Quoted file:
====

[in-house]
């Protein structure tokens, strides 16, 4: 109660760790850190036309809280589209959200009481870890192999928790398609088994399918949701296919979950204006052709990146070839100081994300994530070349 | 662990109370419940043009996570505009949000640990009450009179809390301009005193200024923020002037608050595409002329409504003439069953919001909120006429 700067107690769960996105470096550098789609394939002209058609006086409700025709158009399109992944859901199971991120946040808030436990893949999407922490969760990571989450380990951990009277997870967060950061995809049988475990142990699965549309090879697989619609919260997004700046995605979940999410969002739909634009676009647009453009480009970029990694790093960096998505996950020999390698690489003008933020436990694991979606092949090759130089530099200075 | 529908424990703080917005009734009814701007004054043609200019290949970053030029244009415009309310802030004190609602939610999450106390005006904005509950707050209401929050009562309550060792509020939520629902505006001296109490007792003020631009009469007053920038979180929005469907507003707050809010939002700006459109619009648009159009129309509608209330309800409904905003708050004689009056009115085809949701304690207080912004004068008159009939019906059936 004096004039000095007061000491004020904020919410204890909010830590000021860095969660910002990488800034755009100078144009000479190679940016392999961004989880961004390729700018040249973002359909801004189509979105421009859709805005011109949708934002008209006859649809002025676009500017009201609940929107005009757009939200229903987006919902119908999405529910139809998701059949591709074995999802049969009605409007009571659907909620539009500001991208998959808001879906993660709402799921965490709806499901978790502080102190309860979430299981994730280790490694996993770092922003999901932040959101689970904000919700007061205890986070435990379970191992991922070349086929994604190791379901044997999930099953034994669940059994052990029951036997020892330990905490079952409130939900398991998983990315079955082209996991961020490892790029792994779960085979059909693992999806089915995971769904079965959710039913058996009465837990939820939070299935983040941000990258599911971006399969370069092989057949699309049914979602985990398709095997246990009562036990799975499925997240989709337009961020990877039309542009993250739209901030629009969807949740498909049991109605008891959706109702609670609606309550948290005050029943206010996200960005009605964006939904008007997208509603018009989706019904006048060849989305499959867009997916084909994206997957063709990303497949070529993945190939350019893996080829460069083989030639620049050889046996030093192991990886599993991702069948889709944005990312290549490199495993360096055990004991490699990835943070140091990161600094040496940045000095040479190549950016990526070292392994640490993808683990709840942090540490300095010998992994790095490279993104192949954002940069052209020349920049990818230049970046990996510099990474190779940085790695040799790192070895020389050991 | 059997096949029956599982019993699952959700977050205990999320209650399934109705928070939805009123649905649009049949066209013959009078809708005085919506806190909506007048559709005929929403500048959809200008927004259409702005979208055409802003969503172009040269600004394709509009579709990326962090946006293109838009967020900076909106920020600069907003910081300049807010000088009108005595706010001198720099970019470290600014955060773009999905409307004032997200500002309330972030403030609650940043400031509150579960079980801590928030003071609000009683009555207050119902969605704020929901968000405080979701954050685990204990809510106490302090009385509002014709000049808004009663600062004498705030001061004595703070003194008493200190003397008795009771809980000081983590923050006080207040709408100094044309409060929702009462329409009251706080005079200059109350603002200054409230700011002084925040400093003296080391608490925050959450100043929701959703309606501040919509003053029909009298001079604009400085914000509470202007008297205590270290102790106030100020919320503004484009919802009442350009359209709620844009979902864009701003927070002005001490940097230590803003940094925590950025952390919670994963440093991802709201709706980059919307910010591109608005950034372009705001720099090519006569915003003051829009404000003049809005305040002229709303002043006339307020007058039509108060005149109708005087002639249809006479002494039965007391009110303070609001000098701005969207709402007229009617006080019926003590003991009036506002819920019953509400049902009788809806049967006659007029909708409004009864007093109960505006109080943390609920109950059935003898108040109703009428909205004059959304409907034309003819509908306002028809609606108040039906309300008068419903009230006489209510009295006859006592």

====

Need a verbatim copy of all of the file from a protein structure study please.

[in-house]
């Protein structure tokens, strides 16, 4: 109660760790850190036309809280589209959200009481870890192999928790398609088994399918949701296919979950204006052709990146070839100081994300994530070349 | 662990109370419940043009996570505009949000640990009450009179809390301009005193200024923020002037608050595409002329409504003439069953919001909120006429 700067107690769960996105470096550098789609394939002209058609006086409700025709158009399109992944859901199971991120946040808030436990893949999407922490969760990571989450380990951990009277997870967060950061995809049988475990142990699965549309090879697989619609919260997004700046995605979940999410969002739909634009676009647009453009480009970029990694790093960096998505996950020999390698690489003008933020436990694991979606092949090759130089530099200075 | 529908424990703080917005009734009814701007004054043609200019290949970053030029244009415009309310802030004190609602939610999450106390005006904005509950707050209401929050009562309550060792509020939520629902505006001296109490007792003020631009009469007053920038979180929005469907507003707050809010939002700006459109619009648009159009129309509608209330309800409904905003708050004689009056009115085809949701304690207080912004004068008159009939019906059936 004096004039000095007061000491004020904020919410204890909010830590000021860095969660910002990488800034755009100078144009000479190679940016392999961004989880961004390729700018040249973002359909801004189509979105421009859709805005011109949708934002008209006859649809002025676009500017009201609940929107005009757009939200229903987006919902119908999405529910139809998701059949591709074995999802049969009605409007009571659907909620539009500001991208998959808001879906993660709402799921965490709806499901978790502080102190309860979430299981994730280790490694996993770092922003999901932040959101689970904000919700007061205890986070435990379970191992991922070349086929994604190791379901044997999930099953034994669940059994052990029951036997020892330990905490079952409130939900398991998983990315079955082209996991961020490892790029792994779960085979059909693992999806089915995971769904079965959710039913058996009465837990939820939070299935983040941000990258599911971006399969370069092989057949699309049914979602985990398709095997246990009562036990799975499925997240989709337009961020990877039309542009993250739209901030629009969807949740498909049991109605008891959706109702609670609606309550948290005050029943206010996200960005009605964006939904008007997208509603018009989706019904006048060849989305499959867009997916084909994206997957063709990303497949070529993945190939350019893996080829460069083989030639620049050889046996030093192991990886599993991702069948889709944005990312290549490199495993360096055990004991490699990835943070140091990161600094040496940045000095040479190549950016990526070292392994640490993808683990709840942090540490300095010998992994790095490279993104192949954002940069052209020349920049990818230049970046990996510099990474190779940085790695040799790192070895020389050991 | 059997096949029956599982019993699952959700977050205990999320209650399934109705928070939805009123649905649009049949066209013959009078809708005085919506806190909506007048559709005929929403500048959809200008927004259409702005979208055409802003969503172009040269600004394709509009579709990326962090946006293109838009967020900076909106920020600069907003910081300049807010000088009108005595706010001198720099970019470290600014955060773009999905409307004032997200500002309330972030403030609650940043400031509150579960079980801590928030003071609000009683009555207050119902969605704020929901968000405080979701954050685990204990809510106490302090009385509002014709000049808004009663600062004498705030001061004595703070003194008493200190003397008795009771809980000081983590923050006080207040709408100094044309409060929702009462329409009251706080005079200059109350603002200054409230700011002084925040400093003296080391608490925050959450100043929701959703309606501040919509003053029909009298001079604009400085914000509470202007008297205590270290102790106030100020919320503004484009919802009442350009359209709620844009979902864009701003927070002005001490940097230590803003940094925590950025952390919670994963440093991802709201709706980059919307910010591109608005950034372009705001720099090519006569915003003051829009404000003049809005305040002229709303002043006339307020007058039509108060005149109708005087002639249809006479002494039965007391009110303070609001000098701005969207709402007229009617006080019926003590003991009036506002819920019953509400049902009788809806049967006659007029909708409004009864007093109960505006109080943390609920109950059935003898108040109703009428909205004059959304409907034309003819509908306002028809609606108040039906309300008068419903009230006489209510009295006859006592």